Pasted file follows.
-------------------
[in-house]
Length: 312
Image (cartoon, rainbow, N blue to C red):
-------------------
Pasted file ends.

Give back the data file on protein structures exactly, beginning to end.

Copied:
[in-house]
Length: 312
Image (cartoon, rainbow, N blue to C red):